Looking at the daily business of many academic research mentors, one thing seems eerily absent: the availability and application of worthwhile tools to make best use of the time allotted to mentoring your mentees. Sure, there is the spreadsheet with all student projects, the self-developed guideline PDF with all ins and outs you could come… Read More
There are only few things more exhilarating than witnessing younger peers succeed. Not only because you empathise with their feeling of having accomplished something important. Rather, because you get a sense of how important past successes are for outlining and attempting future plans. Contributing to the success of a younger peer positively influences their outlook… Read More
Today, the podcast is all about a new years resolution (and a project of mine and a few friends): to write 52 cards and letters in one year. Every week, one card. I am looking forward to trying this out – but I already have a hunch that it will be worthwhile. Who knows? If you’re up to follow my very first episode of this series and would like to hear an old typewriter spring back into action, feel free to listen in. Read More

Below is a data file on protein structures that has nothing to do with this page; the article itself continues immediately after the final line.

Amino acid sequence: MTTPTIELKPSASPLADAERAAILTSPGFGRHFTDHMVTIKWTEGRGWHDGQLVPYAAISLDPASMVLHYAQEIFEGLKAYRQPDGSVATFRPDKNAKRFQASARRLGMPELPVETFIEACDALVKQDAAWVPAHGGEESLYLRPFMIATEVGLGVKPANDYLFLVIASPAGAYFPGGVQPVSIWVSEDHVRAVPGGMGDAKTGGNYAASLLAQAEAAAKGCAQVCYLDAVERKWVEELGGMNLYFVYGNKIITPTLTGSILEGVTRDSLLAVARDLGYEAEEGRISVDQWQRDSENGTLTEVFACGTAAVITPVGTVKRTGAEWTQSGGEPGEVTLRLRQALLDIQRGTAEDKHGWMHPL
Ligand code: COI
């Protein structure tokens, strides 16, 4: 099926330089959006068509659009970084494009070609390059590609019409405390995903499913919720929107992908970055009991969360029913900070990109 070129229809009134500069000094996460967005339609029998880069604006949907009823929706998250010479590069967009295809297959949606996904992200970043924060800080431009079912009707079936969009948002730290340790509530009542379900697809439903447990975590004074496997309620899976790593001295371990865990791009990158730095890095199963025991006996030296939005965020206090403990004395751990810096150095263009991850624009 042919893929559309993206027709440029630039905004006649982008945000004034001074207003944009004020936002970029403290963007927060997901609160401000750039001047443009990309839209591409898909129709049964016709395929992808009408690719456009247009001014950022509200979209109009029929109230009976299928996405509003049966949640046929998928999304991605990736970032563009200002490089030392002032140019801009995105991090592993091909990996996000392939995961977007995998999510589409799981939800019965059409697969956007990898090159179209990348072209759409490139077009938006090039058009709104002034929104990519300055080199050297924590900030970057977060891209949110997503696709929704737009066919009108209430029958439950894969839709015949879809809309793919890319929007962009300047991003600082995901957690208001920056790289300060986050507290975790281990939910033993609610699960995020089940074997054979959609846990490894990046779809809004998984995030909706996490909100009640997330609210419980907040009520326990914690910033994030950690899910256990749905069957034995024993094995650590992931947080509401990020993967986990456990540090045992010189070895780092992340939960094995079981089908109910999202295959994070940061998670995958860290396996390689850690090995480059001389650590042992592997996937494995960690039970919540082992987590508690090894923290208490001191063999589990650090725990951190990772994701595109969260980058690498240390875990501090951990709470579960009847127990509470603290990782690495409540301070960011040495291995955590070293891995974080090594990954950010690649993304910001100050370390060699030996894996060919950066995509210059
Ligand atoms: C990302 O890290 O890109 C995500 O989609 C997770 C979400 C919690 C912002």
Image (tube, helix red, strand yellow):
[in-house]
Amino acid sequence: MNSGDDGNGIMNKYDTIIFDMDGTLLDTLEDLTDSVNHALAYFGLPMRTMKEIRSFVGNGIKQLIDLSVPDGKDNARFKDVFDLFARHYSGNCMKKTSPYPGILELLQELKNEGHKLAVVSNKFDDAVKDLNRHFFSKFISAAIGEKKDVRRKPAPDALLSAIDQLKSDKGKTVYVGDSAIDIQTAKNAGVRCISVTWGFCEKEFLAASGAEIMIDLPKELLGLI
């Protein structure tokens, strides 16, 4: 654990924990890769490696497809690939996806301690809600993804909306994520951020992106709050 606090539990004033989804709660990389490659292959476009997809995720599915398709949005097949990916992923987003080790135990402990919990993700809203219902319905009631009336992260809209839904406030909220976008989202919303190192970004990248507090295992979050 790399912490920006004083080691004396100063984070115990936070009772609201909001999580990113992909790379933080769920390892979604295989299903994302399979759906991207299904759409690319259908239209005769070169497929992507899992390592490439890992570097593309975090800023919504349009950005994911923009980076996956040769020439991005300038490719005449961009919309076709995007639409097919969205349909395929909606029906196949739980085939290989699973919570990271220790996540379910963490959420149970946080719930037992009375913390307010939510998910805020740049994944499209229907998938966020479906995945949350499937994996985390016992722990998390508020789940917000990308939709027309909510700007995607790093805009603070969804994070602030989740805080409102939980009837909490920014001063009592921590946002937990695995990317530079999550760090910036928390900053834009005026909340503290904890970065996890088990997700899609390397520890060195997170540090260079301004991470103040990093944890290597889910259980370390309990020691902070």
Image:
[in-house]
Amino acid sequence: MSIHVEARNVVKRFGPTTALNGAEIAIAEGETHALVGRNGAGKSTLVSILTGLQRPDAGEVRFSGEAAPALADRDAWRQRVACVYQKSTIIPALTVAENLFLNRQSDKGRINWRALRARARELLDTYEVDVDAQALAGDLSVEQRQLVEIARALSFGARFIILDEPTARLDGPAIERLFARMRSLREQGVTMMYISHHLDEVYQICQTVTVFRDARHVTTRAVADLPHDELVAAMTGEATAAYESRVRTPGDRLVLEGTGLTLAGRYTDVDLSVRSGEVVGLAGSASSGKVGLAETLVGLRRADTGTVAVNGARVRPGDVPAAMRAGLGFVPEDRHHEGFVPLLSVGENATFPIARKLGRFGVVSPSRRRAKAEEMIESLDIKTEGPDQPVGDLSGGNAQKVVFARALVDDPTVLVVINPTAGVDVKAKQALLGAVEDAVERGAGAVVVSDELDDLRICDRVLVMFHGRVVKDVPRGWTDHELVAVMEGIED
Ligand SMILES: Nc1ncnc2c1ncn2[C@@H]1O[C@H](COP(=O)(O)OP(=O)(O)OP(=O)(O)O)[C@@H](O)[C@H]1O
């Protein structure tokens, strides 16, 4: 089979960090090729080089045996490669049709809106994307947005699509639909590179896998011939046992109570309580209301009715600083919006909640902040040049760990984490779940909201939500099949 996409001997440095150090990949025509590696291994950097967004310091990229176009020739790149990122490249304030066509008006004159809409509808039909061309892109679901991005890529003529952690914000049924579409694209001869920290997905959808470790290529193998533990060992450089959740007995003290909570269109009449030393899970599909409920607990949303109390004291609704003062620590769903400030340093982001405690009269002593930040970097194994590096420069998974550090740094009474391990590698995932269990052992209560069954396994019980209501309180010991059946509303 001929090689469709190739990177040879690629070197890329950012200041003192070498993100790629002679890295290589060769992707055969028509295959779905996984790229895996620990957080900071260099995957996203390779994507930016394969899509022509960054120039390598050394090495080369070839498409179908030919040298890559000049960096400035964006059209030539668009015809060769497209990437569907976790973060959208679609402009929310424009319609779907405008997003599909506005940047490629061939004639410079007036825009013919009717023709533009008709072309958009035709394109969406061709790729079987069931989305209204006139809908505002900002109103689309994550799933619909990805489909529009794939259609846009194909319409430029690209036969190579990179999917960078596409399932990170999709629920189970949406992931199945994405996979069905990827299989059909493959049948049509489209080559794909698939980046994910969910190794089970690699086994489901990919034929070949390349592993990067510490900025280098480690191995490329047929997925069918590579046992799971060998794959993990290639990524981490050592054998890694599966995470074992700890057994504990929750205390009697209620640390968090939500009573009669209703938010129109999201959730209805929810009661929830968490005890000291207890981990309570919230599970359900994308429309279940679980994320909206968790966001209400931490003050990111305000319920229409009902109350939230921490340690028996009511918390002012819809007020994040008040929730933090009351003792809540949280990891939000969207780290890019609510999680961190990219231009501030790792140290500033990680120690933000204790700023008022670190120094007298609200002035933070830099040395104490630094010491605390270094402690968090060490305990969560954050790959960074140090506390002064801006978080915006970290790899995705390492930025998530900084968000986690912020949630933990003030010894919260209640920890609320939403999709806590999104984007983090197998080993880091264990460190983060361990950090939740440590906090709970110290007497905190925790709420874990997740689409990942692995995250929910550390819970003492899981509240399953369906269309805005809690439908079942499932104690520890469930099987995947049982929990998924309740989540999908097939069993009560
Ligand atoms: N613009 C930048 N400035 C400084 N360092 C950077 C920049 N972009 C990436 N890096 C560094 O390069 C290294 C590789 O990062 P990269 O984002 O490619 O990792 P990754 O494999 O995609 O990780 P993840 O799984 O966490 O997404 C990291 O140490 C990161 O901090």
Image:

My working hypothesis is… …when mentoring, your mentee will likely be quicker to learn. They are younger, younger people learn faster. Use that to your advantage.
My working hypothesis is… …when mentoring, never underestimate the power of sharing your own world-view, challenges, successes, experiences, and failures.
Some people like to read, others prefer to watch a movie. Some people appreciate great paintings and others listen to the radio. If you count yourself to the latter category, there is something new for you. Read More
My working hypothesis is… …when mentoring, be careful with the potential illusion that you are in the position to give actionable and appropriate advice. Instead, consider the value of inspiring your mentee to build the energy to find their own solutions.
My working hypothesis is… … if you want to encourage your mentees to share their challenges with you, start sharing your own. It’s easier said than done.
My working hypothesis is… …when mentoring, never underestimate how busy a student’s life can be and how difficult it can be to build a mentoring relationship from the “weaker side of the table”.
The “worst” car I ever drove would not do much more than 90 on a flat road.